Google's made a lot of behind-the-scenes security enhancements to Android lately, and today we're seeing yet another significant improvement: the ability to set or change the password on your Android device from afar.
This, folks, is a big deal.
The functionality, spotted by the gang over at Android Police, is a new addition to the Android Device Manager tool. That tool already let you remotely find and wipe your Android phone or tablet from any computer or mobile device -- but while those options are great, there are times when you might misplace your phone and want to give it some extra protection without going nuclear.
This new function lets you do just that: All you do is go to google.com/android/devicemanager, select the phone or tablet you want, and select the "Lock" command. Google will then prompt you for a password. Seconds later, regardless of where your phone is, it'll be locked down with that new code -- whether you had a PIN, pattern, or password on it before or not.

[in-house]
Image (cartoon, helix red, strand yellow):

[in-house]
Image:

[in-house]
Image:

This effectively means you can leave your phone unsecured and then put a password in place as needed, only if and when your phone disappears. It's still more advisable to keep a PIN, pattern, or password in place all the time, of course, but for folks who are resistant to the idea, this provides an excellent on-demand Plan B (insert your own prophylactic joke here).
And yes, in case you're wondering: This should be available right now on any Android device running the now-ancient 2.2 release or higher. It has nothing to do with an over-the-air update provided by your manufacturer or carrier. You can thank Google's newly "deconstructed" approach to Android development for that.
You do, however, have to activate the function on your phone in order for it to work. You only have to do that once per device; I'd strongly recommend taking a minute to do it right now so that the option's there and ready if you ever need it.